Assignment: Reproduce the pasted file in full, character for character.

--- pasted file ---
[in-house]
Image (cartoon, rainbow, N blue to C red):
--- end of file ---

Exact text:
[in-house]
Image (cartoon, rainbow, N blue to C red):